In my opinion, this is the true threat to our nation. The growing strands of tribalism on both sides of the political spectrum have taken the principles that once formed the roots of any given ideology and made them subordinate to identity.
For the right, the identity associated with terms like “faith,” “family,” and “patriotism” has superseded the principles behind the words. For the left, the identity associated with concepts like “equality,” “tolerance,” and “progressive” have overrun the diversity each principle celebrates.
All of mankind is flawed, but identity politics has led the right and left alike to prop up politicians and leaders who exhibit little of the principles behind the words they speak. Tout the words, get the votes. For those of us who tend to lean right, it’s truly heartbreaking to see those we have propped up illustrate a clear and unrepentant hypocrisy. But the right is not alone in this.
In the age of identity politics, the center of debate is no longer the hashing out of differing principles, but is instead a contest of brute political force. This leads to populist support for the President when he says things like “Wouldn’t you love to see one of these NFL owners, when somebody disrespects our flag, to say, ‘Get that son of a bitch off the field right now, out, he’s fired. He’s fired,’” rather than inquiring into why someone has chosen to take a knee. Similarly, blanket outrage at the scores of Americans perturbed by those who appear to disrespect our flag distracts from the reasons why many believe the flag symbolizes a set of enduring truths and ideals much more than the flaws of a nation’s people.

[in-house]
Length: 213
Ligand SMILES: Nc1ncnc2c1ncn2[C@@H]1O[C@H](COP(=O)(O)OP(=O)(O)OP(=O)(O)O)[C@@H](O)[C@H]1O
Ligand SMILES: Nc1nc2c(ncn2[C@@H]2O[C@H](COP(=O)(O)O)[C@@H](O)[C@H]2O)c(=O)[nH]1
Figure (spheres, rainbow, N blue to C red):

We still have much left to unite us. Before tearing each other apart and jumping to the worst assumptions about one’s motives for kneeling or standing, I suggest we ought to return the terms of debate to underlying principles, not purely identity. A debate over principle need not be about identity. Fights centered on identity focus on “us versus them,” rather than idea versus idea.
I’ll challenge myself (I hope readers might also challenge themselves) to refrain from casting our disagreements in terms of identity – something we can still maintain while differing about policy preferences.
We all fall into groups linked by our identities, but the beauty of our system is that it is designed to break free of the tribal warring that has dominated much of the history of the world. Our Constitution is not perfect – and neither are we – but we have systems for living together and a political forum for deciding on how we might best decide on a pathway forward.
We have a federalist structure that allows different states to experiment or implement different approaches. We listen to the majority, but protect the minority. We celebrate our differences across this large body of land, but unite together for common interests. Nothing demonstrates the values of federalism like the dramatic shift in political power over the past decade.
Rather than turning our backs on those who choose to kneel or shaming those who choose to stand for our national anthem, let’s remember that we each have different reasons for doing one or the other and commit to remembering that despite these differences, out of many, we are still one.